US Supreme Court may make it harder to prove racial gerrymandering

By John Kruzel

WASHINGTON (Reuters) – The U.S. Supreme Court may be on the verge of making it even harder to win legal challenges accusing state officials of racial gerrymandering – the illegal manipulation of an electoral district’s boundaries to alter its racial composition – to dilute the clout of Black and other minority voters.

The nine justices this week heard arguments in such a case involving the relocation of 30,000 Black residents from South Carolina’s 1st congressional district to another one in an electoral map adopted by the state’s Republican-led legislature. The Supreme Court has been asked by the litigants to rule on the legality of the map by the end of the year.

The legal battle is being waged in the run-up to the 2024 congressional elections in which Democrats are hoping to win the 1st district as they try to regain control of the U.S. House of Representatives from Republicans. Black voters tend to favor Democratic candidates.

Gerrymandering involves redrawing electoral district boundaries to marginalize a certain set of voters and increase the influence of others. The Supreme Court in 2019 forbade federal courts from intervening in cases involving gerrymandering done for partisan advantage. Gerrymandering predominantly driven by race remains illegal.

Legislative districts across the United States are redrawn every decade to reflect population changes. South Carolina’s 1st district was reconfigured during this redistricting process for the state’s seven U.S. House districts.

The Supreme Court’s conservative justices, holding a 6-3 majority, on Wednesday appeared ready to embrace the argument made by the Republican officials defending the map that it was legally crafted to achieve a partisan advantage and not with a racial motive.

“Such an outcome would send a terrible signal to states that they can hide behind political defenses even when their means to get there is by excessive uses of race and/or minimizing the voting power of racial minorities,” said civil rights lawyer Leah Aden of the NAACP Legal Defense Fund, who argued the case for the plaintiffs on Wednesday.

A federal three-judge panel in January blocked the map, ruling that it sorted voters along racial lines and reduced the influence of Black voters in violation of the U.S. Constitution’s 14th and 15th Amendments, which guarantee equal protection under the law and prohibit race-based voting discrimination.

A group of Black voters sued to block the use of the reconfigured district.

Jason Torchinsky, a lawyer with the firm Holtzman Vogel who filed a brief supporting South Carolina’s position on behalf of the district’s incumbent congresswoman Nacy Mace and five other Republican members of the state’s congressional delegation, called the litigation politically motivated.

“What these plaintiffs in these cases are doing is basically bringing partisan gerrymandering claims and trying to dress them up as if they’re racial gerrymandering claims,” Torchinsky said. “That’s what’s going on here, and I think the justices are seeing that.”


Plaintiffs in racial gerrymandering cases long have borne a heavy burden.

To win, they must prove that race was the predominant factor in an electoral map’s design, even in instances in which a strong correlation exists between race and party, as in South Carolina where Black voters overwhelming vote Democratic. Typically, plaintiffs lack any direct evidence revealing an intent to discriminate by those who devised the map.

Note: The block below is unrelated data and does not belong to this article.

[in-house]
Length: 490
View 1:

In this case, the three-judge panel backed the plaintiffs. The new map increased the district’s share of white voters while reducing its share of Black voters, which the panel referred to as “bleaching.”

“Here’s a case where the state legislature targeted Black voters out of their home district to buttress Republican voters,” said David Gans, a lawyer with the Constitutional Accountability Center liberal legal group who filed a brief supporting the South Carolina challengers. “But we heard some of the conservative justices say that’s not a constitutional problem.”

“The bottom line is it would be much harder to bring a racial gerrymandering claim where a state is saying that it sorted voters to achieve a partisan end,” Gans added, “even if it used race as the means to do so.”

Harvard Law School professor Nicholas Stephanopoulos, a redistricting expert, said if the Supreme Court reverses the lower court, “it will be even more important for plaintiffs in future cases to disentangle race from party.”

One way challengers could do so is by submitting an alternative map that achieves the state’s partisan goal but does not artificially inflate or deflate the minority population of the challenged district, Stephanopoulos added. None of the maps produced by the South Carolina plaintiffs maintained Republicans’ electoral advantage in the district.

John Gore, the lawyer who argued on Wednesday on behalf of the South Carolina officials, suggested that the alternative map requirement had already been imposed by the Supreme Court’s prior rulings – an assertion rebuffed by liberal Justice Elena Kagan, who authored one such ruling.

“I’m going to butt in,” Kagan said, cutting off Gore. “The alternative map requirement, I mean, doesn’t exist.”

Among the court’s conservatives, some clearly believe that alternative maps “are necessary in cases like this,” Torchinsky said, adding that plaintiffs have failed to produce them “because they can’t.”

(Reporting by John Kruzel; Editing by Will Dunham)